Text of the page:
A breastfeeding support app developed by an Oscar and Bafta-winning entrepreneur in Gloucestershire is to be trialled by the NHS.
Computer graphics and animation expert Dr Chen Mao Davies, who was part of the visual effects team for films such as Gravity and Blade Runner 2049, founded femtech company LatchAid after facing her own struggles with breastfeeding.
The app uses interactive 3D animations, artificial intelligence, virtual peer support groups and live healthcare specialists to assist women who are having problems getting their baby to latch.
The platform will be prescribed by the NHS as part of a pilot project across South Devon and Torbay, Bath, North East Somerset, Swindon and Wiltshire, Gloucestershire, as well as Lancashire and South Cumbria.
The scheme, funded by the Health Foundation NHS England and NHS Improvement, has been launched after a review found that 90% of women stop breastfeeding before they would like to, often due to pain or lack of support.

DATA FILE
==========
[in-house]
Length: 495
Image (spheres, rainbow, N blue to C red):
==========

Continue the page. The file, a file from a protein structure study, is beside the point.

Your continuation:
During the trial the app’s effectiveness on increasing breastfeeding rates in participating areas will be assessed. If successful, Cirencester-based Dr Davies is hopeful that it can be prescribed for free across the UK.
The partnership follows Dr Davies securing a £50,000 grant to develop LatchAid in April, after she was selected as one of 10 winners of Innovate UK’s 2021 Women in Innovation Awards.
Dr Davies said: “We believe that every mother deserves the support and empowerment to give their child the best start in life. This is at the core of everything we do.”
She added: “The grant has been pivotal in helping LatchAid launch and the award has also helped to bring me out as a leader, someone who can also inspire others to solve the biggest societal problems.”
Earlier this year, 600 people in 14 countries across six continents took part in LatchAid’s second beta trial.
Since launching on the Apple AppStore in the spring, LatchAid has reached a peak of number 46 on the site’s medical category chart, which hosts more than 300,000 health apps.
LatchAid employs six permanent staff and has a contracting team of 30 experts across four continents.
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